This practical book provides clear, step-by–step guidance on how to develop a monitoring and evaluation framework in a participatory, logical, systematic, and integrated way. The authors outline the key stages and steps involved, including: scoping the framework; identifying planned results; using program theory and program logic; developing evaluation questions; identifying processes for ongoing data collection and analysis; determining means to promote learning; reporting; and dissemination of results. A final chapter focuses on planning for implementation of the framework, with reference to the broader program and organizational context. The authors draw on their extensive experience in developing monitoring and evaluation frameworks to provide examples of good practice that inform organizational learning and decision making, while offering tips and guidelines that can be used to address common pitfalls.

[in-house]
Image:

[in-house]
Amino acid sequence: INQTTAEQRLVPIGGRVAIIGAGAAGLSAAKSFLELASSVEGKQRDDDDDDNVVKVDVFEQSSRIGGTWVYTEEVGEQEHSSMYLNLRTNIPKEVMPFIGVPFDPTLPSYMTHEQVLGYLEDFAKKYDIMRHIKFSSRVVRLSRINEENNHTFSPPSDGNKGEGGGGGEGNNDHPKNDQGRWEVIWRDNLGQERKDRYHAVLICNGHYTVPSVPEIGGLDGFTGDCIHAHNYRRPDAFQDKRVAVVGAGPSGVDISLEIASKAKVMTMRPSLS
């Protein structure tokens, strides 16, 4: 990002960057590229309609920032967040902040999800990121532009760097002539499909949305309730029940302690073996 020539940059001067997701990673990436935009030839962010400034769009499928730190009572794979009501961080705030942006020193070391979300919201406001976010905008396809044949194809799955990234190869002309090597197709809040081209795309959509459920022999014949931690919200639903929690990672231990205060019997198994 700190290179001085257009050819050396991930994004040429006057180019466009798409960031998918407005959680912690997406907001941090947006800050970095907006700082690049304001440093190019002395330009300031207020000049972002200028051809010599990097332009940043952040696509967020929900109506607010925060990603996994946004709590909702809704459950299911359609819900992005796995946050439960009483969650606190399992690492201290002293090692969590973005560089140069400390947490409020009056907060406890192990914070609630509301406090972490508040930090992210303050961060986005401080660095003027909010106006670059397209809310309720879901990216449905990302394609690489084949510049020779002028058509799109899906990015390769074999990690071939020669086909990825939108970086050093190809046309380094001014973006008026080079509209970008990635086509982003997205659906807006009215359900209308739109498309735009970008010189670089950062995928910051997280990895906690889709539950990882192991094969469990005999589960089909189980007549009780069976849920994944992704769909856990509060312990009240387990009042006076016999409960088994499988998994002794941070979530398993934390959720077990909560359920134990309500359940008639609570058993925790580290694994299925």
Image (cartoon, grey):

This chapter introduces and discusses the concepts that are central to the approach adopted in this text. Subsequent chapters elaborate on the groundwork established here. The five foundation concepts which collectively represent and support the approach to the design of a Monitoring and Evaluation Framework are depicted in Figure 2.1 and summarized in the text that follows.
The following key concepts inform the design of a Monitoring and Evaluation Framework:
- Multiple purposes for monitoring and evaluation: The purposes served by monitoring and evaluation are likely to include tracking the progress of program implementation, identifying results, providing a basis for accountability to funders and stakeholders, facilitating learning, guiding program improvement, and informing decision-making processes.
Informed by Results-Based Management (RBM): The approach is informed by and incorporates ...